5 Conclusions

We have shown that the Chandra grating spectrum of the extreme O star, HD 93129A, can be understood using the same paradigm that explains the canonical embedded wind shock source,  Pup, once adjustments are made for its larger wind terminal velocity and mass-loss rate. Specifically, the kinematics of the X-ray emitting plasma are consistent with shocks embedded in a , km s wind starting at several tenths , and that the attenuation signatures in the line profiles are consistent with a mass-loss rate of 4.7 to , representing a modest reduction compared to traditional mass-loss rates determined from measurements that ignore the effects of clumping, and showing consistency with modeling that includes modest clumping, in line with what is seen in LDI simulations (Dessart & Owocki, 2005). This mass-loss rate reduction of a factor of three to four is consistent with that found for  Pup (Cohen et al., 2010). We have also demonstrated for the first time that modeling wind absorption of X-rays for both line profiles and for the broadband spectral energy distribution leads to consistent results when a physically realistic model of the broadband wind attenuation (Leutenegger et al., 2010) is used.

The global spectral modeling indicates that the dominant thermal emission component has quite a modest temperature, of roughly 0.6 keV, as predicted by EWS models. The observed overall hardness of the spectrum is attributable to wind attenuation, rather than high plasma temperatures. The low dominant plasma temperature is also manifest in the low Si  xiv/Si  xiii ratio, which is consistent with the value found in the Chandra grating spectrum of  Pup. There is likely a small amount of hard X-ray emission from colliding wind binary interaction between components Aa and Ab, many tens of AU from either star’s photosphere. Because of the large separation of the components, this X-ray emission makes a small contribution to the overall X-ray spectral properties, representing less than 10% of the system’s X-ray luminosity. The helium-like ratios also provide evidence that the bulk of the X-rays arise in embedded wind shocks.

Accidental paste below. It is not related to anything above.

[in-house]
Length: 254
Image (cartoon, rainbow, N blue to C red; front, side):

As HD 93129A is the earliest O star known, and has one of the strongest winds of any O star, the work presented here strongly suggests that the embedded wind shock scenario, as described by numerical simulations of the line-driving instability, is widely applicable to O stars, even those with extremely strong winds. And that X-ray line profile analysis, especially in conjunction with broadband spectral modeling, provides a good means of making a clumping-independent mass-loss rate determination for O stars with dense winds.